Witness the ubiquitous FAQ. Every organization does them, usually ahead of a media interview or important stakeholder meeting. I’ve drafted my share of them over the years, and it amuses me how often a lawyer would review it and scratch off a question or two. “We don’t want to get into that” was the usual response when I pushed back.
Somehow they failed to understand that deleting the question in an FAQ didn’t mean the question wouldn’t be asked. Out of loyalty to my client, whom I wouldn’t leave hanging when the question arose, I often ignored the lawyer’s advice.
Here’s a (sadly) more common example of the Wishful Thinking Strategy: disregarding news on social media. I suspect this is a leftover from the days when social media was mostly limited to favorite songs and the latest crush ruminations on MySpace.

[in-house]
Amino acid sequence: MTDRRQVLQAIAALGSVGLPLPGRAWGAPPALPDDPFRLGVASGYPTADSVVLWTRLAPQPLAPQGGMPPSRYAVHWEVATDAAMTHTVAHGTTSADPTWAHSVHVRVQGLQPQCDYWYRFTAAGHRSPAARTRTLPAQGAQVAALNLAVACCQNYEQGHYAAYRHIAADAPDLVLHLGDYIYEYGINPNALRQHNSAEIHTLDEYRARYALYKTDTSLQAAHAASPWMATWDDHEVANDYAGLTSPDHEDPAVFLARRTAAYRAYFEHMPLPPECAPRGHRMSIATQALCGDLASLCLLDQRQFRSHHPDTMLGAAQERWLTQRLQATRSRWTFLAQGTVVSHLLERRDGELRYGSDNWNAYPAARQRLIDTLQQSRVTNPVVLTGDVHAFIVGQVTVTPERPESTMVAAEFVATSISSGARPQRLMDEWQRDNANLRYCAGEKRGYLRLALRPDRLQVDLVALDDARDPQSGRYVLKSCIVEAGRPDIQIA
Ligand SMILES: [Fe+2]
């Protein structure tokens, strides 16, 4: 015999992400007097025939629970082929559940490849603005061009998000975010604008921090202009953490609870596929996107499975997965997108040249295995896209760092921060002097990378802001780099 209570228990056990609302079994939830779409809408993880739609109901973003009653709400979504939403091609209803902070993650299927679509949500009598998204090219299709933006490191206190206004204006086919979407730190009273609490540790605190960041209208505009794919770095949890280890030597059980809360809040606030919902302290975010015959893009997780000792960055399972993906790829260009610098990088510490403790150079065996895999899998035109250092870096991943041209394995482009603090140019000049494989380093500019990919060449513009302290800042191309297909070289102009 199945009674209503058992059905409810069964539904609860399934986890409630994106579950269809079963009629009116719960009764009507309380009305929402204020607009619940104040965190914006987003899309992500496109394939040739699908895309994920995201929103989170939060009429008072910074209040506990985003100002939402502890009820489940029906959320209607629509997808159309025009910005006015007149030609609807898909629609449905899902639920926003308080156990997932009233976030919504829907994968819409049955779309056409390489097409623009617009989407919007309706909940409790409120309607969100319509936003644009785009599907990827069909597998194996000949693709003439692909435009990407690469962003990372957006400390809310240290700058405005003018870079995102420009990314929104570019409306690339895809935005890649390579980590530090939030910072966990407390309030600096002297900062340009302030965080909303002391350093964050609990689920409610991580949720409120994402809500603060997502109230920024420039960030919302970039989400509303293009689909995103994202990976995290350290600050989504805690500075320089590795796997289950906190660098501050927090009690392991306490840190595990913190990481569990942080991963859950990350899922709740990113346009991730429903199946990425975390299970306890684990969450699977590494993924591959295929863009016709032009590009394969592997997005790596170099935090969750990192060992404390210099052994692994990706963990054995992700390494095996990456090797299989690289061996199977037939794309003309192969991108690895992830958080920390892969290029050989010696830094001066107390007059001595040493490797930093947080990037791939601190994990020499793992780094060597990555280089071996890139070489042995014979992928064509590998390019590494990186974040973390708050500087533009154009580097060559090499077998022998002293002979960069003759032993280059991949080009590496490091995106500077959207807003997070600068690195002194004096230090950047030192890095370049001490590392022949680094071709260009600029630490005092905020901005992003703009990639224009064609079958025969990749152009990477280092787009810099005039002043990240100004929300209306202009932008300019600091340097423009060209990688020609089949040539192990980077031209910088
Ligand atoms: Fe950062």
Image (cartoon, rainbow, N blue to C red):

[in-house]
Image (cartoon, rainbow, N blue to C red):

Social media is far more sophisticated today. Whole businesses have been destroyed by it. Yet in recent weeks I’ve seen an organization pilloried online and decline to engage the conversation.
Not every question or issue needs the all-hands-on-deck response—ask me about the “trapped deer on the six o’clock news” story sometime—and trolling is usually best handled at arm’s length. But hoping a serious issue will simply go away isn’t effective PR.
When an issue arises and you choose not to speak for yourself, someone else will speak for you. And you’ll likely wish they hadn’t.